Theoretically, evaluation of the response to isotonic saline would help distinguish between CSW and SIADH. (See "Diagnostic evaluation of adults with hyponatremia".)

Restoration of euvolemia in CSW should remove the stimulus to ADH release, resulting in a dilute urine and correction of the hyponatremia [41]. As mentioned above, this has not been documented in CSW. Lack of urinary dilution does not necessarily preclude CSW since it might be expected that patients with subarachnoid hemorrhage would also have SIADH.

By contrast, isotonic saline often worsens the hyponatremia in SIADH as the salt is excreted and some of the water is retained. (See "Treatment of hyponatremia: Syndrome of inappropriate antidiuretic hormone secretion (SIADH) and reset osmostat", section on 'Intravenous hypertonic saline'.)

However, we discourage treatment of hyponatremia with isotonic saline in patients with cerebral disease because of the dangers of a further fall in serum sodium concentration.

Calculation of the fractional excretion of uric acid (FEUA) before and after correction of hyponatremia has been proposed as an alternative way of distinguishing SIADH from cerebral salt wasting [41]. According to this theory, before correction of hyponatremia, FEUA is >11 percent in both SIADH and salt wasting. Conversely, after correction of hyponatremia, a FEUA that remains >11 percent is said to indicate salt wasting, caused by impaired proximal tubule sodium reabsorption, whereas a FEUA <11 percent identifies patients with SIADH. However, serial measurements of FEUA have not been validated with a consistent, rigorous, and convincing gold standard for identifying salt wasting [42-44] . For this reason, the diagnostic validity of these measurements is unproven.

Although unlikely, it is also possible that some patients have preexisting hyponatremia due to some other disorder that is associated with a urine sodium that is not low (eg, thiazide diuretics and hypoaldosteronism). (See "Causes of hypotonic hyponatremia in adults".)

Hyponatremia and hyperkalemia are the two major manifestations of adrenal insufficiency. The hyponatremia is mediated by increased release of ADH, which can be due to any cause of cortisol deficiency or hypoaldosteronism, while hyperkalemia only occurs with primary adrenal disease. The diagnosis of adrenal insufficiency is discussed separately. (See "Hyponatremia and hyperkalemia in adrenal insufficiency" and "Determining the etiology of adrenal insufficiency in adults".)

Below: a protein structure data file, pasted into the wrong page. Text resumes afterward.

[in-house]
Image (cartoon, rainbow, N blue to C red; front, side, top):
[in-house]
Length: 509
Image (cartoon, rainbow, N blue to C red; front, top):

TREATMENT — Fluid restriction, the usual first-line therapy for the syndrome of inappropriate secretion of antidiuretic hormone (SIADH), is not advised in hyponatremic patients with subarachnoid hemorrhage. In such patients, fluid restriction may increase the risk of cerebral infarction among patients who actually have CSW because ongoing salt losses may worsen the volume depletion and lower the blood pressure. (See "Aneurysmal subarachnoid hemorrhage: Treatment and prognosis" and "Treatment of hyponatremia: Syndrome of inappropriate antidiuretic hormone secretion (SIADH) and reset osmostat".)

Instead, we treat with 3 percent (hypertonic) saline to raise the serum sodium (algorithm 1). All patients with active intracranial pathology (eg, recent intracranial surgery or subarachnoid hemorrhage) should have a prompt increase in the serum sodium concentration and should avoid a decrease in extracellular fluid volume. (See "Overview of the treatment of hyponatremia in adults".)

Some authorities suggest that isotonic saline be used as initial therapy in patients with CSW since, theoretically, it will suppress the release of ADH, thereby permitting excretion of the excess water and correction of the hyponatremia. However, if CSW is the sole cause of the hyponatremia, volume repletion would reduce the urine osmolality to below 100 mosmol/kg. However, dilution of the urine in response to isotonic saline is rare in patients with hyponatremia caused by subarachnoid hemorrhage or other intracranial disorders. (See "Overview of the treatment of hyponatremia in adults", section on 'Isotonic saline in true volume depletion'.)

Lack of urinary dilution does not necessarily preclude CSW since it might be expected that patients with subarachnoid hemorrhage would also have SIADH. Volume repletion would have little effect on urine osmolality in SIADH since ADH secretion in this disorder is not mediated by hypovolemia [8,9,45]. Hypertonic saline will increase the serum sodium concentration in patients with both CSW and SIADH.